Image of Susan E. Hickman, Ph.D.
Susan E. Hickman, Ph.D.

Nursing home residents who have Physician’s Orders for Life-Sustaining Treatment significantly increase the likelihood that their treatment preferences are known, a statewide facility study has shown.

POLST forms are designed for people with life-limiting conditions, such as advanced frailty, and summarize patient wishes as medical orders. POLST directions may be more specific than those of advance directives and do-not-resuscitate orders. During emergency situations and when a patient is incapacitated, they can help care providers answer questions about issues such as intubation, hospitalization and comfort-based care. 

Investigators interviewed 358 residents or their surrogates in 40 Indiana nursing facilities about their life-sustaining wishes. Some had POLST (275) and others did not (83). They then compared the treatment orders documented in medical records with residents’ current preferences. 

Agreement between the medical records and preferences was higher for residents with POLST (59%) than without POLST (35%). And when adjusted for resident, surrogate and facility characteristics, residents with POLST were three times more likely to have life-sustaining treatment orders that matched their current preferences, reported lead author Susan E. Hickman, Ph.D.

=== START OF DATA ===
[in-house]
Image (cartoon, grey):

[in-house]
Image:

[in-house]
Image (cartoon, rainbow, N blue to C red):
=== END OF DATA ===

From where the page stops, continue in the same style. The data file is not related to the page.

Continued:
“Often, preferences are not communicated with providers, which can lead to more aggressive care than what the patient wanted,” said Hickman, of the Indiana University Center for Aging Research, Regenstrief Institute. “This research shows that POLST forms are effective at communicating current care preferences and increase the likelihood that treatments will match preferences.”

The COVID pandemic has prompted long-term care clinicians to endorse a national version of the form, which is widely used, but varies by state. “A form that is honored by all will reach its full value to patients,” said AMDA–The Society for Post-Acute and Long-Term Care Medicine in a July endorsement.

The study was published in the Journal of General Internal Medicine.